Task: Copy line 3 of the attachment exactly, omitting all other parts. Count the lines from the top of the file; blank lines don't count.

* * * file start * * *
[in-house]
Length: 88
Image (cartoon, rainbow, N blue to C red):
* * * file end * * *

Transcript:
Image (cartoon, rainbow, N blue to C red):